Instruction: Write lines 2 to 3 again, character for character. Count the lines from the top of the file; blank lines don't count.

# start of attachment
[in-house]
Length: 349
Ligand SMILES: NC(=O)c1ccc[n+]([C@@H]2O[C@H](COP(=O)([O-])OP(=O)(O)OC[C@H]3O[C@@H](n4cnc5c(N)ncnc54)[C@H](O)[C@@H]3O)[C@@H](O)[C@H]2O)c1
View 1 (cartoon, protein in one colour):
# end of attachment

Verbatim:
Length: 349
Ligand SMILES: NC(=O)c1ccc[n+]([C@@H]2O[C@H](COP(=O)([O-])OP(=O)(O)OC[C@H]3O[C@@H](n4cnc5c(N)ncnc54)[C@H](O)[C@@H]3O)[C@@H](O)[C@H]2O)c1